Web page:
Today we cover one of the most well known feminist icons of the 20th century; First Lady, Eleanor Roosevelt. She was by far one of the most influential and active partners of any sitting president. She also held the title of First Lady longer than any other individual since her husband was the only president to ever serve more than two terms. Due to their power, prestige, and 12 years in the White House, the Roosevelts have long been viewed as a form of American royalty. And with their distinction follows the usual amount of rumors and gossip which people have passed along for decades. While we may not have kings and queens in America, we still love to speculate and dish on the rich as much as any other nation. And few families have ever provided so much fodder for the gossip columns as the Roosevelts.
Today we address a feminist icon, civil rights legend, and queer revolutionary, Barbara Smith, one of the longest and most committed activists to freedom and justice for all people. She’s 73 years old today but age has hardly slowed her down. As she is still actively sought after by people from all walks of life. Smith’s 50 plus years of social justice advocacy makes her one of the most knowledgable and qualified civil rights leaders in the world. An incredible feat for anyone, but especially a black lesbian born in the middle of the Jim Crow era. How did she manage to become the fierce leader she is today? Well, let’s start back at the beginning.
We’re back with Part 2 of our episode on Lilly Wust and Felice Schragenheim. When we last left off Lilly – a proud Nazi and wife of a German soldier, had just met Felice – who was an undercover Jew and a Resistance Fighter against Hitler’s evil regime. It was the height of World War 2 in 1942 and Germany was winning.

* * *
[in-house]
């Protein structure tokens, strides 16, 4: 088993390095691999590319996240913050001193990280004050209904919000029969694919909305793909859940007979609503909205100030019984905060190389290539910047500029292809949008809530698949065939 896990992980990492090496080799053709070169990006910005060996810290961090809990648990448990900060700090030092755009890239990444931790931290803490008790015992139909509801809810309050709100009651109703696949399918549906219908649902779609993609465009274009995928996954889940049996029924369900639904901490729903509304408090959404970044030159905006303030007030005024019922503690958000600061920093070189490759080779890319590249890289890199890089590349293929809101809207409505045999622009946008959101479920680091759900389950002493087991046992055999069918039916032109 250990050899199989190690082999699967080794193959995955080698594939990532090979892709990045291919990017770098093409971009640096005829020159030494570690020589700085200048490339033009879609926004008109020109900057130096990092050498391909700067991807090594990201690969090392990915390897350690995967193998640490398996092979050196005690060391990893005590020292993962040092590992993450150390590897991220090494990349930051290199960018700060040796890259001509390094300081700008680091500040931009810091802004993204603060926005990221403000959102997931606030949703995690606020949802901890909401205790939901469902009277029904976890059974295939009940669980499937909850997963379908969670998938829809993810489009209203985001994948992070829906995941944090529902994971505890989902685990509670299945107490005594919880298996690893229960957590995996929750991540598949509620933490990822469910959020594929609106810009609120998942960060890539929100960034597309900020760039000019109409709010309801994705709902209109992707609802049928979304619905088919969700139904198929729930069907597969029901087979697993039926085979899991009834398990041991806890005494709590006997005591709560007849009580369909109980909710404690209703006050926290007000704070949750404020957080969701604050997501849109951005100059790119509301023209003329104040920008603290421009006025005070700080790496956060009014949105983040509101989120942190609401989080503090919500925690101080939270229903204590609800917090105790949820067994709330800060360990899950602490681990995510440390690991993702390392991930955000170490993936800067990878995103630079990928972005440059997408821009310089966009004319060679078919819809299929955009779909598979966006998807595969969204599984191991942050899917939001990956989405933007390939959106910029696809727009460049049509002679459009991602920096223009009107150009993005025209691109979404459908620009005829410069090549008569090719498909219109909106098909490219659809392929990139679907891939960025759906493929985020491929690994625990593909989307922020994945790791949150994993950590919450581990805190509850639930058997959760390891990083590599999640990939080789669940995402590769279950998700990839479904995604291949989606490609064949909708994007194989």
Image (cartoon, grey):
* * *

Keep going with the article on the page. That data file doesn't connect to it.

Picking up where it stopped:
Alright ya bunch of queers. We’re reaching the end of pride month. And if you’re like me, you’re hitting those post pride blues. So how can we keep the pride going? Well here’s the most buzzfeed-esque article I’ll ever write. Below are some of the songs, shows and books I recommend to keep the pride going all year. Or at least for a little longer.
My first Pride celebration sober I went in with far too much confidence, and quickly lost it. I was just shy of 7 months clean when I took on one of the biggest alcohol events of the year.
Pride weeks are known for their heavy sale of liquor. Especially events such as the Providence Night Time Parade. Which is held in the evening, on a street lined with bars, and quickly followed by massive block parties. And don’t get me wrong, its fun – it’s REALLY fun. But alcohol and other party substances are EVERYWHERE.
And while most cities have purposefully made their parades early to avoid the heavy drinking, its still a problem no matter where one goes. I grew up outside of Chicago which is (in my opinion) the best parade in the country. But every year people were getting so trashed the city organizers kept moving the time of the parade earlier and earlier. It didn’t matter. Whether drunk at 2 in the afternoon or 10 in the morning, people love to get wasted on Pride day.
I’ve been in retail for almost 10 years now and spent the majority of my time in management. I’ve worked in several different companies in at least 3 different states. And I say all that to say that I’ve had quite a bit of training in Human Resources and workplace discrimination policies. I guess I’ve always take my experience for granted and assumed that others would be as knowledgeable of their resources as I am. However, I often find that is not the case. So here’s a few basic tips on what to do if you think you’re being discriminated against in the workplace.